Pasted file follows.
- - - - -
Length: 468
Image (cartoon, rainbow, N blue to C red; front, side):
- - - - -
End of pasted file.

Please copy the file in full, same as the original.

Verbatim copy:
Length: 468
Image (cartoon, rainbow, N blue to C red; front, side):